Goodbye, Ross Howard

At the beginning of my first journalism class at Langara, our instructor Ross Howard asked who our favourite journalists were. We each named a few. Ross, grinning cheerfully, explained why the majority of our choices weren’t journalists. Some people had mentioned Nancy Grace. I know I included Gwynne Dyer.

We were all a little deflated. What the hell made a journalist, then?

Ross proceeded to teach us.

He taught us writing techniques, the importance of editing, how to hold the media to account (including ourselves), and most importantly, how to do our jobs ethically.

He did it all with a sense of infectious optimism about journalism, even as the industry struggled. He believed in what journalists did, and he wanted us to be the best at it.

Don’t get me wrong – he wasn’t easy on us. Many of us cursed and grumbled when he merrily tore our most beloved pieces to shreds (metaphorically speaking.) I tended towards tears myself, fearing I’d disappointed him. To me, he represented the best of my chosen field.

And not everyone agreed with his ethical stances. But I had been a little too tied to absolute morals in my youth, so a new professional guidance system was a relief.

He made all of our work better. I think, for some of us, he made us better people, too.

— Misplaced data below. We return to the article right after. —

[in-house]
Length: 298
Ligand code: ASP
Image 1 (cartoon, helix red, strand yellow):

When we graduated, he didn’t simply wave goodbye and forget about us, either. We went to him with ethical dilemmas and he answered us thoughtfully. He was enthusiastic about our futures, and he was sympathetic when we struggled.

He expected the best of us, but he gave so much in return. His work with conflict sensitive reporting training around the world, helping courageous journalists in difficult times and places, was admirable. His frequent pieces and interviews on the importance of good journalism were inspiring.

Last night, I heard that this incredible reporter and wonderful human being had died.

He was my mentor, and I will miss him. But in a very real way, he will always be with me and his other students.

“Are you sure you want to accept a comped trip from the tourism board?” he’ll whisper. And of course, “Tighten – always tighten.”

P.S. I realize that Ross would’ve edited the bejesus out of this blog post. That would’ve been nice.